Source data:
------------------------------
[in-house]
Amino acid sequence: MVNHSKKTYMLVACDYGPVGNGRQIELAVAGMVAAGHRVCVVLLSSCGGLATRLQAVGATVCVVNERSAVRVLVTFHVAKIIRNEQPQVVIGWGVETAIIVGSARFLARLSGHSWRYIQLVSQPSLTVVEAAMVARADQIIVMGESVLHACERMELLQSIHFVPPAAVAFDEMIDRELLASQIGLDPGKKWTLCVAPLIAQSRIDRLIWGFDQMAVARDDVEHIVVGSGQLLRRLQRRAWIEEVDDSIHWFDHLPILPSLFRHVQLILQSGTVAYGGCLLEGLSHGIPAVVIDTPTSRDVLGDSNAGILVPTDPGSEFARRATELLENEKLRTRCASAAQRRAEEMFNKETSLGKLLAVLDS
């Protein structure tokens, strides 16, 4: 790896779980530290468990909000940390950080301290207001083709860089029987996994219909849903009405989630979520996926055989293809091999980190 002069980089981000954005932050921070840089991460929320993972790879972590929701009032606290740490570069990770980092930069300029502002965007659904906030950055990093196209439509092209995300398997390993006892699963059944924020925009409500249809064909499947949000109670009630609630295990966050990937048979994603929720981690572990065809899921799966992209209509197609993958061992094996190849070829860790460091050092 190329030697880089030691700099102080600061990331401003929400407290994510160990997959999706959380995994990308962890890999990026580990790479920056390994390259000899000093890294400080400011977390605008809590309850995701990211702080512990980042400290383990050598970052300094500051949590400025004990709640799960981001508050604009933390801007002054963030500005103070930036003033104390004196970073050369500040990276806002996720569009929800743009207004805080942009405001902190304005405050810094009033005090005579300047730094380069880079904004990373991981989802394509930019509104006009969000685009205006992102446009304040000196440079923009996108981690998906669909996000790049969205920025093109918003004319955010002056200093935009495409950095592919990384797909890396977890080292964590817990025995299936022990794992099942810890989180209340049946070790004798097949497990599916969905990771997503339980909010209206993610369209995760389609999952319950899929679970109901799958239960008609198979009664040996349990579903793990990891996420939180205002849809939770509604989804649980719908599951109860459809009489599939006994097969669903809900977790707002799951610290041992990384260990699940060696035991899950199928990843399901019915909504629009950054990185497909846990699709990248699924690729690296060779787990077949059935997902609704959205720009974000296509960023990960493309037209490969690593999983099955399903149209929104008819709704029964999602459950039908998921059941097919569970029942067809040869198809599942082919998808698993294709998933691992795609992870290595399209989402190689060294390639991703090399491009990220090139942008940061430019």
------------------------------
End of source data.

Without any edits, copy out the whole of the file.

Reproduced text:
[in-house]
Amino acid sequence: MVNHSKKTYMLVACDYGPVGNGRQIELAVAGMVAAGHRVCVVLLSSCGGLATRLQAVGATVCVVNERSAVRVLVTFHVAKIIRNEQPQVVIGWGVETAIIVGSARFLARLSGHSWRYIQLVSQPSLTVVEAAMVARADQIIVMGESVLHACERMELLQSIHFVPPAAVAFDEMIDRELLASQIGLDPGKKWTLCVAPLIAQSRIDRLIWGFDQMAVARDDVEHIVVGSGQLLRRLQRRAWIEEVDDSIHWFDHLPILPSLFRHVQLILQSGTVAYGGCLLEGLSHGIPAVVIDTPTSRDVLGDSNAGILVPTDPGSEFARRATELLENEKLRTRCASAAQRRAEEMFNKETSLGKLLAVLDS
């Protein structure tokens, strides 16, 4: 790896779980530290468990909000940390950080301290207001083709860089029987996994219909849903009405989630979520996926055989293809091999980190 002069980089981000954005932050921070840089991460929320993972790879972590929701009032606290740490570069990770980092930069300029502002965007659904906030950055990093196209439509092209995300398997390993006892699963059944924020925009409500249809064909499947949000109670009630609630295990966050990937048979994603929720981690572990065809899921799966992209209509197609993958061992094996190849070829860790460091050092 190329030697880089030691700099102080600061990331401003929400407290994510160990997959999706959380995994990308962890890999990026580990790479920056390994390259000899000093890294400080400011977390605008809590309850995701990211702080512990980042400290383990050598970052300094500051949590400025004990709640799960981001508050604009933390801007002054963030500005103070930036003033104390004196970073050369500040990276806002996720569009929800743009207004805080942009405001902190304005405050810094009033005090005579300047730094380069880079904004990373991981989802394509930019509104006009969000685009205006992102446009304040000196440079923009996108981690998906669909996000790049969205920025093109918003004319955010002056200093935009495409950095592919990384797909890396977890080292964590817990025995299936022990794992099942810890989180209340049946070790004798097949497990599916969905990771997503339980909010209206993610369209995760389609999952319950899929679970109901799958239960008609198979009664040996349990579903793990990891996420939180205002849809939770509604989804649980719908599951109860459809009489599939006994097969669903809900977790707002799951610290041992990384260990699940060696035991899950199928990843399901019915909504629009950054990185497909846990699709990248699924690729690296060779787990077949059935997902609704959205720009974000296509960023990960493309037209490969690593999983099955399903149209929104008819709704029964999602459950039908998921059941097919569970029942067809040869198809599942082919998808698993294709998933691992795609992870290595399209989402190689060294390639991703090399491009990220090139942008940061430019």